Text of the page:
There’s no cable service on Fire Island, making it more dependent on Verizon than Mantoloking, where residents can get phone and Internet service from Comcast by cable. The surviving copper phone lines on Fire Island often double as DSL, or digital subscriber line, Internet connections. As a result, Randazzo’s restaurant, The Landing at Ocean Beach, lost Verizon Internet service for a weekend last month, leaving it without a way to process credit cards. The line started working again after four days, but he’s afraid it will go out again for good.

“I had to have my waiters write down the credit-card number, the expiration number and the CVV (security) code. It took me over three and a half hours to process all my credit cards on Saturday. That’s pretty ridiculous,” Randazzo says.

New York state regulators have given Verizon provisional permission to consider its wireless Voice Link boxes as stand-ins for regular phone service. Verizon technicians install the 4-inch square boxes with protruding antennas in homes and connect them to the home phone wiring. The home is then linked to Verizon’s wireless network. When subscribers lift their phone handsets, they hear a dial tone. But the box doesn’t work with remote medical monitoring devices, home alarm systems or faxes. It can’t accept collect calls or connect callers with an operator when they dial 0. It also can’t be used with dial-up modems, credit-card machines or international calling cards.

Verizon says just 855 of the 3,000 homes it wants to abandon in Mantoloking had traditional phone service before the storm hit.

In other areas, Verizon is replacing copper phone lines with optical fiber, which allows the company to offer cable-like TV services and ultrafast broadband. Water can short out and corrode copper wire, but optical fiber is made of glass and transmits light rather than electricity, so it’s far more resistant to flooding. But the cost of wiring a neighborhood with fiber optic lines can run more than $1,000 a home.

“Everybody would love for us to put in fiber, but that’s just not practical,” Maguire says.

If New York and New Jersey refuse to give permanent permission for the switch from landline to wireless phone service, Verizon could be forced to rebuild the phone network on Fire Island and in Mantoloking. Unlike cable and wireless companies, landline phone companies have regulatory obligations in most states to supply lines at a reasonable cost to anyone who wants one. They also need federal approval to end service.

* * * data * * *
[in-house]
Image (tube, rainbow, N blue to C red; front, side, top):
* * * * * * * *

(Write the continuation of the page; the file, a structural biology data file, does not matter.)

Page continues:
In late June, New York State Attorney General Eric Schneiderman filed an emergency petition with state regulators to stop Verizon from replacing copper lines with alternatives in the Catskill Mountains of upstate New York. He says seasonal residents who find their phone lines don’t work at their summer homes are steered by Verizon to its Voice Link wireless product. Only if the customer forcefully refuses will Verizon restore the copper phone line, he says. Verizon says Voice Link is just an option available to customers.

In New Jersey, state regulators are talking to Verizon about Mantoloking but haven’t approved the landline-to-wireless switch that Verizon has already started. It could, at least in theory, deny Verizon’s application and force it to rewire copper phone lines back into the town.

In Washington, the FCC is looking at an application from the country’s largest landline phone company, AT&T Inc. AT&T isn’t dealing with storm damage, so it has the leisure of taking a longer view. It wants to explore what a future without phone lines will look like by starting trials in yet-to-be-decided areas.

If a major telecommunications line fails and there are hundreds of people connected to it, Verizon would repair it, he says. But the company wants the option to abandon the failed line and move the remaining households to Voice Link.

“If you’re one of the few people on there, and Voice Link seems to fit you, why not?” Maguire asks.